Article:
Saturday 13th July 2024

Thursday, 10th January

Days for Girls – Pathein Chapter! 🙂

There is beginning to be a little movement between classes as it becomes evident that verbal assessments showed pupils to be slightly less able than they actually are, whether through shyness or stress or wanting to be in the same class as friends, in one case. We have found too that the many late joiners, many of whom have straggled in each day, are generally on the poorer end of the spectrum. But somehow the classes have all evened out.

For our breaks and lunchtimes, many of the students disappear off but most stay and continue to work. They are very dedicated and anxious to learn. Our UK students would learn much from how they value education. We have a long lunch between 11:30 and 2pm which allows students to go home if they wish. Our seminarians hang around and have lunch on the top floor – and rest, I think. They have a really long, hard day and while they love coming to class and to evening class, I think they need to rest when they can.

In the afternoon, I went to lovely Anne (Khine Kyi Khant)’s Gakken classroom. She is in charge of this private maths/critical thinking class where the children get to focus on how to learn rather than just learning by rote. The classroom is bright, welcoming and well organised. Here Assumpta and Kyu Kyu Hmwe and Joan and I met with Anne and a friend who knows the prison and its workings well. The four of them will go to the prison to take the Days for Girls bags there. We decided we would also pack hygiene bags for the women, 70 without sanitary towels and around 80 with, as they will not received the bags. We also bought noodles for everyone and sachets of coffee which the women use as currency if they want to buy extra food, etc. 🙁 We went through the training for Days for Girls but Anne thought that, though the information about menstruation was helpful, she did not feel that it was appropriate to deliver the other information about how babies are made or self defense. She said that other organisations deliver this information. So we will take this slowly. I will speak to both DfG and my trustees about the best way to proceed.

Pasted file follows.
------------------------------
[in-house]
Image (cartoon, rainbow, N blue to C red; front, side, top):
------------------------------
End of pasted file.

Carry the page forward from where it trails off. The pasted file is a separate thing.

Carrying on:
The most problematic aspect is that Anne needs to present yet more paperwork to the prison including copies of all of their identity cards. This is frustrating because we started this process in November. Anne found the planning visit to finalise the delivery of the bags stressful and difficult. Since I wrote this she has had to go to the bus station to collect papers brought from the appropriate authorities at the head of the prison service in Yangon or Naypyidaw. We are still awaiting final permission which is irritating to say the least. We may end up doing a kind of dummy run. We were not going to be able to go into the prison to take photos anyway so maybe we can at least take a bag and photograph the outside of the prison, which would be the best we can do under the circumstances. We will just have to take this as best we can and be led, albeit unwillingly, by the authorities. As long as the bags go to the right people and give the women dignity and something that they can call their own, we will have fulfilled our plans. There are five children under the age of five in the prison and two pregnant women but we cannot find out any more information than this. If we find the ages of the children we will take toys dedicated to their actual needs.

Thursday evening brought the third of our clubs – Maths Club this evening – and so successful was it that we had to beg the students to leave after nearly an hour beyond class finishing time! Kate had organised two challenging number grid problems and a word problem. Critical thinking is a huge growth area here where education has been degraded to the extend that young people have been expected just to read, memorise and regurgitate and this has been called learning.

Another successful day. Good night!